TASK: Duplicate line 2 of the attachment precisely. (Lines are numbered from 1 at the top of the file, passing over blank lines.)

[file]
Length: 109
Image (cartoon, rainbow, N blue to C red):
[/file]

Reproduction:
Image (cartoon, rainbow, N blue to C red):